Banks vs. Credit Unions in the 12 Wealthiest US States

In recent articles in the series on credit unions, we have provided an overview of the industry as well as the definition of digital transformation and hallmarks of credit unions that might serve as a barrier to the transformation. However, we cannot fully assess credit unions without comparing them to the other major player in the financial services industry. For that purpose in this article we are going to compare credit unions and banks in the 12 wealthiest states in the U.S.

Both banks and credit unions provide the same variety of services. However, the LTP audience may not know that there is a vast gap between the rates for those services. Often overlooked as a possible provider of financial services, credit unions, in fact, have more attractive rates. Further analysis was completed using the latest official statistics provided by Credit Union National Association (CUNA) on the financial industry metrics as of the end of 2014. Even though across the 12 wealthiest states the rates for credit cards are the same among banks and among credit unions respectively, the level of the rates in credit unions is lower than in the banks. Banks rates are at 15.85%, while credit unions have 11.77%.

The difference becomes even more vivid with car loan interest rates. As we can see in the chart below, the overall level of the rates across the states is lower in credit unions than in banks. The highest interest rate for a car loan is in Massachusetts banks – 4.91%. The highest rate from credit unions is at a surprisingly low level of 2.79% (in Hawaii). The highest car loan interest rate in credit union is almost two times lower than the same in banks! The best deal for a car loan can be found in Delaware credit unions at a rate of 1.97%.

Home equity rates are significantly more consistent among banks and credit unions than new car loans. The highest home equity rate from a bank is in Alaska (5.39%), while for the credit unions it is in Delaware (5.05%). The difference between the highest rates from banks and credit unions is just 0.34%. In this case we can say the rates are quite consistent among chosen institutions. However, even the small difference in a rate in the case of home equity loans can make a big dollar difference. The lowest rate across chosen states is in Maryland credit unions – 3.91%.

Moving from a micro-level to the industry perspective, it’s worth mentioning the enormous gap in market shares and asset sizes between banks and credit unions. Having a great offering does not result in a greater market share for credit unions. Banks on average have a 5.5 times bigger market share than credit unions. The largest market share of credit unions is interestingly in Alaska (40.3%) and Delaware’s credit unions have the lowest share (0.4%) - perhaps this apparent discrepancy might be a result of big banks being incorporated in Delaware. The financial services industry across the twelve wealthiest US states is dominated by banks even though the rates are more attractive in credit unions.

Lower market shares have naturally resulted in a lower asset base for credit unions. Interestingly, the biggest assets in size of $1B are owned by Hawaiian banks. Alaskan credit unions with the highest market share of 40.3% also have the largest asset size of $111M. However, no credit unions with their assets come close to the banks’ assets. Again, as in previous cases, there is a huge gap between credit unions’ and banks’ financial power in the market. For credit unions, it reinforces a necessity to modernize operations and break the traditions in order to stay relevant and gain members.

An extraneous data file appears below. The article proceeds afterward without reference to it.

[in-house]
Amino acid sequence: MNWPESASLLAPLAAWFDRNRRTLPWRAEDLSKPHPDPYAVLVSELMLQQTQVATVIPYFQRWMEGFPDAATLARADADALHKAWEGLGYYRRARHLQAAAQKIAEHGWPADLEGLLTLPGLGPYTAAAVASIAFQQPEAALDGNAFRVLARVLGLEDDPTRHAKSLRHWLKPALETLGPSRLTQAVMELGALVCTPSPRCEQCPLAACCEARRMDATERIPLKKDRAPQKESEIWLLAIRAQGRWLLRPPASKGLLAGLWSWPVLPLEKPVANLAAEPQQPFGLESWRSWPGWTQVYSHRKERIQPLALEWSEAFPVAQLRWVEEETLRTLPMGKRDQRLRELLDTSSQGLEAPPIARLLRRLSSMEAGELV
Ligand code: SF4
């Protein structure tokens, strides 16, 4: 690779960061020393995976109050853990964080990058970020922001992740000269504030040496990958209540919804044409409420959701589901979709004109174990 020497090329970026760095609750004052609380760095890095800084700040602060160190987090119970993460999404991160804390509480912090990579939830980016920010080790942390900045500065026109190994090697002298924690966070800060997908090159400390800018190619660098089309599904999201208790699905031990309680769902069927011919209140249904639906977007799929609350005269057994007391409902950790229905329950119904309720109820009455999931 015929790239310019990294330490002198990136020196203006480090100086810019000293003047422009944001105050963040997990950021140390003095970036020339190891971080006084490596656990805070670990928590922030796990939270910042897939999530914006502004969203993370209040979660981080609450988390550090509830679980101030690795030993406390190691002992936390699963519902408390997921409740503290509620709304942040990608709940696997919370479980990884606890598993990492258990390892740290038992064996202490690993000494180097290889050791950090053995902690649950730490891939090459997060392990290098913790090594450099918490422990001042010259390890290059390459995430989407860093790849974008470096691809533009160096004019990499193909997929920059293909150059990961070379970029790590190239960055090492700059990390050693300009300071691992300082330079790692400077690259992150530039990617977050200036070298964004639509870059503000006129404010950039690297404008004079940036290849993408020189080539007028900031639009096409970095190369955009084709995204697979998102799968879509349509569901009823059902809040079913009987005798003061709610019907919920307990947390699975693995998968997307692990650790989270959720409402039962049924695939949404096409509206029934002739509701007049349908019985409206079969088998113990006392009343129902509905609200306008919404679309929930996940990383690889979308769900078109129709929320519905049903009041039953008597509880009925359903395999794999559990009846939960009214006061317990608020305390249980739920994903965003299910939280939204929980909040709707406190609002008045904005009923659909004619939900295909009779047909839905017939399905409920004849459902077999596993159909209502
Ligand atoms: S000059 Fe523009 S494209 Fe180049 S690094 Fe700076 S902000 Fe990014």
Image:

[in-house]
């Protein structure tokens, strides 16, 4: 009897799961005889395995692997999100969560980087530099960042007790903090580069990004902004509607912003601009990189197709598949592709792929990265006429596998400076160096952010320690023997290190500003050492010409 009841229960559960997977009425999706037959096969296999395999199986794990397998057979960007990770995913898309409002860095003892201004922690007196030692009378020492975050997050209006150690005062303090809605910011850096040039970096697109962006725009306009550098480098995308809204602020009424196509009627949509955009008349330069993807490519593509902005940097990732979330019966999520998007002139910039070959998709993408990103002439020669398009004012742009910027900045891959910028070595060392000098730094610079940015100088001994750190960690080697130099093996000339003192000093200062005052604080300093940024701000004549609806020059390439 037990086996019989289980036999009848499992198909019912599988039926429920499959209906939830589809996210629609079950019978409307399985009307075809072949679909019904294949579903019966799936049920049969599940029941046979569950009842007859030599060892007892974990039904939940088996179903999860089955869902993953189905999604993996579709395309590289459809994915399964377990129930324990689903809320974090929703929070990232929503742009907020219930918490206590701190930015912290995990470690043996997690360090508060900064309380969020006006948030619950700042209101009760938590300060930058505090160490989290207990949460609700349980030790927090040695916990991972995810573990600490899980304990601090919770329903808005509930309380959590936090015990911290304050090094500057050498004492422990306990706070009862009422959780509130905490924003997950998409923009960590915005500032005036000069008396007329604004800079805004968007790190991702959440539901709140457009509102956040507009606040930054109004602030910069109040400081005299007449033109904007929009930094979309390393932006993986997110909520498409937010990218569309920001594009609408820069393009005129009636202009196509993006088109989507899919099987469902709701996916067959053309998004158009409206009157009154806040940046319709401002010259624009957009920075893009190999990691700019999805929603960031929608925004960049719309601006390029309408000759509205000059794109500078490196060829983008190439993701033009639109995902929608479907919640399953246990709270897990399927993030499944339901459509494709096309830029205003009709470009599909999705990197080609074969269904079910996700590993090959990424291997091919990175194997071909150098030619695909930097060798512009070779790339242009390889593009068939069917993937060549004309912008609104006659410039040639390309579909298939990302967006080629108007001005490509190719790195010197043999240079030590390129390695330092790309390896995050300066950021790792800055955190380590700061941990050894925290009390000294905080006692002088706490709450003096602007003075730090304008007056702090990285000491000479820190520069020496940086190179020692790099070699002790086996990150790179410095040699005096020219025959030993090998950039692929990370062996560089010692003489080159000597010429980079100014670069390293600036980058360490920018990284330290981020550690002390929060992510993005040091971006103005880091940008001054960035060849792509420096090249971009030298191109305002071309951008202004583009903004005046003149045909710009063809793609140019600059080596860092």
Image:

Aside from these comparisons, CUNA provides statistics on the number of credit unions headquartered in each state and membership. Even though Alaska had the highest market share of credit unions and highest asset size, the state has a surprisingly small number of credit unions headquartered there – the lowest number of twelve. The highest number of credit unions headquartered in the state is in California – 377. However, the highest number of credit unions resulted in only 10.3% of market share and the second place when it comes to median asset size ($62M).

Logically, with the highest number of credit unions in California, the state also has the highest membership statistics. Almost 10 million people in California are members of credit unions. The chart below demonstrates how far California has gone from all other states in terms of membership. The next highest number is in Virginia – almost 2.5 million members, which is 4 times lower than the same for California. Even though Delaware credit unions have the third biggest asset size, the membership there is the lowest – a little more than 260K.

The numbers provided by CUNA clearly indicate that credit unions have a long way and significant changes to go through. Having a great product is not enough, credit unions have to learn both from banks and the FinTech industry on ways to make their operations more efficient and improve Business Development along with Marketing. Credit unions are often not an option in the list of places to look up financial services, but in most cases, they actually have the best offerings. Obsolete IT and legacy mindset can throw credit unions into an even bigger shadow of the banks. In the upcoming series of articles, we will provide tactics to improve the operations and become more efficient in increasing the membership and, possibly, the market share for credit unions.


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